Five year At-the-money implied volatility got north of 40% in the heat of the global financial crisis.  Ever since then the 5 year vol has been headed lower and most recently it has traded between 19-20% since the beginning of 2014.  This level has not been seen since 2007.  The fed has tamed the market.  The only real question is what happens when they let it go?


Anyone See a Correlation?

By Surly Trader

I have been told that China is slowing down. I have been told that with the US Fed tapering, some money is being drained out of the Emerging Markets and going to the United States. I have been told that the Emerging Markets will have reduced competitiveness that will benefit the United States.

I have no idea how any of this will end, but I can tell you factually that the S&P 500 has been very correlated to the performance of emerging market stocks and debt in the last few weeks. In particular, take a look at the rate action instigated by Turkey and its impact on the Lira along with its impact on the S&P 500. I would say they were pretty tightly correlated:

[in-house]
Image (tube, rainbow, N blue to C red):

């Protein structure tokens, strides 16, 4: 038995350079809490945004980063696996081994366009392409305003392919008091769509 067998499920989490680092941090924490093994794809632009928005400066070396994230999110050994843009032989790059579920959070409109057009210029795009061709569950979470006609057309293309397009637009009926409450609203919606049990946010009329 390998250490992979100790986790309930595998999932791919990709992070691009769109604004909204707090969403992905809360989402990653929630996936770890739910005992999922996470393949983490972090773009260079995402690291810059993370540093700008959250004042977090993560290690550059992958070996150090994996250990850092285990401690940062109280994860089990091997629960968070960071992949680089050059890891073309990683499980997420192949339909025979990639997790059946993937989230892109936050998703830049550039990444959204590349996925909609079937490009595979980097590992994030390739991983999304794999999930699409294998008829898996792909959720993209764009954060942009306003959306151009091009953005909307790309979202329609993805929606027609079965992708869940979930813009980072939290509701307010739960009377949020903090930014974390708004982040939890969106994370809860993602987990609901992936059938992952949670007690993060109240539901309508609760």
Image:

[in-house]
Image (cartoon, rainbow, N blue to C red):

My guess is that the S&P 500 will find stability when the emerging markets find stability.  My guess is that stability will not be found for a few months and could provide an interesting market environment.  I will let the others pontificate on what will happen and spend my time analyzing what is actually happening.

GMO Calls for Another Ugly Decade of Equity Returns

By Surly Trader

Unlike the investment banks that prioritize making money off of their clients, GMO seems to think making smart investment decisions is the more important job.  On an annual basis GMO releases their 7 year forecasts for different asset classes.  Most recently they released a rather uninspiring forecast that puts US equities as one of the least attractive: